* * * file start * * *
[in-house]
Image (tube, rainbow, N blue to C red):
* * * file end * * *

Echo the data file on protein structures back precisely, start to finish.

[in-house]
Image (tube, rainbow, N blue to C red):